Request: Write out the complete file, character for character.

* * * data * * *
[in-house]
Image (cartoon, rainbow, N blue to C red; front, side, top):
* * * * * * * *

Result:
[in-house]
Image (cartoon, rainbow, N blue to C red; front, side, top):